LVDT – Construction and Working Principle

What is LVDT?

Linear Variable Differential Transformer, LVDT is the most used inductive transducer for converting translating linear motion into electrical signal. This transducer converts a mechanical displacement proportionally into electrical signal.


LVDT is a transformer consisting of one primary winding P and two secondary winding S1 & S2 mounted on a cylindrical former. The two secondary winding have equal number of turns and placed identically on either side of the primary winding as shown in figure below.


A movable soft iron core is placed inside the former. Actually the movable core is made of nickel iron with hydrogen annealed. Hydrogen annealing is done to eliminate harmonics, residual voltage of core and thus provides high sensitivity. The movable core also is laminated in order to reduce eddy current loss. The assembly of laminated core is placed in a cylindrical steel housing and end lids are provided for electromagnetic and electrostatic shielding. The displacement to be measured is attached to this movable soft iron core.

LVDT- Working Principle:

Since the primary winding of Linear Variable Differential Transformer (LVDT) is supplied with AC supply, it produces an alternating magnetic flux in the core which in turn link with the secondary winding S1 and S2 to produce emf due to transformer action. The electrical equivalent circuit of LVDT is shown below.

LVDT NUL position

Let us assume that the emf produced in secondary winding S1 is Es1 and that in S2 is Es2. The magnitude of Es1 and Es2 will depend upon the magnitude of rate of change of flux (dØ / dt) as per the Faraday’s Law. The lower the value of ‘dt’, the more will be the emf induced. But lower value of ‘dt’ means that core is moving faster. Thus we can say that the faster the movement of core, the greater will be the magnitude of emf induced in secondary windings.

To get a single output voltage from the Linear Variable Differential Transformer (LVDT), both the secondary winding are connected in series but in phase opposition as shown in figure below.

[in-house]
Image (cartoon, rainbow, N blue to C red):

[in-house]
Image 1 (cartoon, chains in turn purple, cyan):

LVDT secondary connection

Due to this connection, the net output voltage E0 of the LVDT is given as below.

E0 = Es1 – Es2

Since the secondary windings of LVDT are identical and placed symmetrically on either side of core, therefore under normal position the flux linkage of both the secondary winding S1 & S2 will be same. This means Es1 = Es2 and hence net output voltage E0 of LVDT = 0. This position of soft iron core is called NULL position. Thus NULL position of Linear Variable Differential Transformer is the normal position of movable core where the net output voltage is zero.

Now, as the core can either be moved toward right or left to the null position. Let us now consider such movement of core under two cases.

Case-1: Core is moved left to the NULL position

LVDT core moving left

When core of LVDT is moved to the left of the NULL position ‘O’ as shown in figure above, the flux linkage of secondary winding S1 will become more than that of winding S2. This means the emf induced in winding S1 will be more than S2. Hence Es1 > Es2 and net output voltage E0 = (Es1 – Es2) = Positive. This means that the output voltage E0 will be in phase with the primary voltage.

Case-2: Core is moved right to the NULL position

LVDT core moving right

When the core of LVDT is moved toward right of NULL position ‘A’, you can guess what will happen? Obviously the emf induced in secondary winding S2 will be more than that of S1. This means Es2 > Es1 and hence net output voltage E0 = (Es1 – Es2) = negative. This means that the output voltage of LVDT will be in phase opposition (180 degree out of phase) with the primary voltage.

From the above two cases, we can have the following conclusions:

1) The direction of movement of a physical quantity can be identified by the output voltage of LVDT. If the output voltage E0 is positive, this means the physical quantity is moving toward left.

2) If the output voltage E0 is negative, this will mean that the physical quantity is moving in the right direction from the NULL position.

3) The amount / magnitude of displacement is proportional to the magnitude of output voltage. The more the output voltage, the more will be displacement. But here is a clue. You can’t take core out of the former; otherwise the output voltage will become zero.

4) In fact corresponding to both the cases i.e. whether core is moving left or right to the NULL position, the output voltage will increase lineally up to a displacement of around 5 mm from the NULL position. After 5mm, output voltage E0 becomes non-linear. The graph of variation of E0 with displacement is shown below.

LVDT output with displacement

Carefully observe the above graph. It may be noted from the graph that even at NULL position (i.e. when there is no displacement) there is some output voltage of LVDT. This small output is due to the residual magnetism in the iron core.


LVDT is used in those applications where displacement ranging from fraction of a mm to few cm. As a primary transducer, it converts the mechanical displacement into electrical signal.

Acting as a secondary transducer, it is sued for measurement of force, pressure, weight etc.

5 thoughts on “LVDT – Construction and Working Principle”

  1. how great you explain lvdt with graph diagram its helpful for new learners like me . can you explain how it will works on dc suply in future


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